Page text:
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  • Erin L. Miller


Updated: Oct 2, 2020

Photo by Thought Catalog on Unsplash

Writers can be indecisive. Picky. Perfectionistic. They can spend an hour mulling over whether or not using a hyphen will make the clause grammatically correct. They shuffle the syntax of a sentence four different ways before they’re satisfied with the sound. Much of the writing process involves cobbling things together until it feels suitably synergistic. Not to mention, if you’re in the Age of Google, your mental bandwidth may not be up to the standards of, say, the memory methods of ancient indigenous cultures.

Because of this, it’s nice to have some helpful tools to make our lives easier and our work more polished (or unpolished, depending on the aim). There are a metric ton of resources considered “writing tools” but these are the ones I go back to often. As a poet and a marketing content writer, the list is a bit of a mashup in their functions, but there’s decidedly overlap where writing fields are concerned.

This may be an obvious one. Likely 70% of my writing time is mining for the right word to fit the prescribed meaning and sound. It can mean the difference between the “pulse at my wrist” and the “bloodleap at my wrist” (Brewster Ghiselin). Any thesaurus will work fine (there are even some with features that go beyond a traditional thesaurus) but I like because it’s free and user friendly.

If you write anything geared toward an online audience, this is an essential one to include in your literary tool belt. Like its name suggests, it grades your writing based on how readable the content is (and readability is important). The algorithm is calculated from a broad mix of trusted scoring formulas, including Flesh-Kincaid, Gunning Fog, Coleman-Liau, and SMOG. Boiled down, they all rely on two basic tenets: Less is more. Simplicity is best. All while sticking to tried-and-true rules of writing. checks word choice, syntax, passive language, and clichés, among other linguistic mechanisms. It even tells you if you’re writing in a male or female voice, positive or negative sentiment, and formal or conversational tone.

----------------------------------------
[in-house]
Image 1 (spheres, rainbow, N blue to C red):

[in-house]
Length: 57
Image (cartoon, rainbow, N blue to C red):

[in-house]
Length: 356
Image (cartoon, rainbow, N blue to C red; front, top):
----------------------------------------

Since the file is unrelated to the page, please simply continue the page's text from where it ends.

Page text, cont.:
The main takeaway: Be conversational, write like a human, be direct, and trim those pesky adverbs.

3. SEMrush Keyword Analytics

I use SEMrush at work on the daily. Another one for the online writing camp, it has a whole suite of tools for marketers and copywriters (and has won a lot of awards for it). As a writer, 99% of my time on the site is spent with their Keyword Analytics tool. It helps you find the best words to inject into your writing to best optimize online written content and boost Google rankings.

Humor me a brief trip in the weeds here: I’m of the belief that writing should be shared in the same way that art should be shared. If you write an informative blog post about the merits of using a rubber dead blow hammer over a rawhide hammer, you want it to reach that right, niche audience—much in the same way you choose colors for a painting based on their emotional currency. One is a transfer of information and the other is a transfer of emotion.

Whether you’re dealing in business or art, the end result is more meaningful when you’re able to connect with the right people.

If you’re like me, you thumb through the same tired music until it’s worn out their stay in your ears. If I need to fill the echoey silence of the office but can’t bear to listen to the same Lord Huron album again, I pull up Noisli. It’s a background noise generator that claims to boost productivity and promote relaxation. You can choose from sounds like rain, wind, coffee shop chatter, and white noise—and it has a simple, friendly interface to boot.

While the jury is out on the connection between music/background noise and productivity, I find it hugely beneficial. It helps me better lock into a groove (ahem, pun intended).

5. Artful Sentences: Syntax as Style by Virginia Tufte

I get pretty jazzed about syntax. If you share this sentiment, this is a good book to keep on your shelf. It has a decidedly creative writing bent to it, but its ideas can be applied to other forms of writing as well. It has a chapter on short sentences, one on verb phrases, another on parallelism—any nugget of phraseology wisdom you can think of, with lots of examples peppered in. You’d be surprised how moving a few words around can really impact the punch of a sentence.

I like to use this book as a tool for any kind of writing, not just the creative stuff. Writing (or reading) outside of your preferred or most written genre has a way of informing all of your writing. There’s a saying that circulates the creative writing community that goes something like “Poets don’t have to write fiction but fiction writers have to write poetry.” The idea being, if you write in a genre as potentially unbarred and abstract as poetry, it can help endow your fiction with a fresh, textured flavor.

You can buy the book directly from Graphics Press, or Amazon.

This last resource is also motored more toward creative writing than marketing content but it’s an important one. Poets & Writers is a magazine and nonprofit literary organization that’s been around since 1970. Between the magazine and the website, they serve up writing prompts, author interviews, writing contests, grants, job listings, an events calendar, and way more.

I tend to reference it to replenish the creative well, give a head start to a poem or writing project, and search for contests to submit to.

If you’re looking for more resources, HubSpot has a fantastic list of writing tools on their blog that’s worth a gander.

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